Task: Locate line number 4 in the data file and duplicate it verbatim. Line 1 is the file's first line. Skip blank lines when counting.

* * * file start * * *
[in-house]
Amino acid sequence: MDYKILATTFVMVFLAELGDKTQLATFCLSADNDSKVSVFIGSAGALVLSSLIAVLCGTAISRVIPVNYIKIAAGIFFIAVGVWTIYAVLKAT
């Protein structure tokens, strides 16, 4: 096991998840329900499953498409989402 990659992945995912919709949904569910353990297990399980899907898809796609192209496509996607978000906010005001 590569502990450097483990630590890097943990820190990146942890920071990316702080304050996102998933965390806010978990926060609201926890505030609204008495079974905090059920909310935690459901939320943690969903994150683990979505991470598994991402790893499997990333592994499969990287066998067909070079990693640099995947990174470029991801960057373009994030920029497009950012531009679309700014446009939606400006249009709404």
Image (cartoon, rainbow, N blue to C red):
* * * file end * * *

Image (cartoon, rainbow, N blue to C red):